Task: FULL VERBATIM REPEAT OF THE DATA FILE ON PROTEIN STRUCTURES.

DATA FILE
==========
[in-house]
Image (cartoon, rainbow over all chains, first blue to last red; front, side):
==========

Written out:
[in-house]
Image (cartoon, rainbow over all chains, first blue to last red; front, side):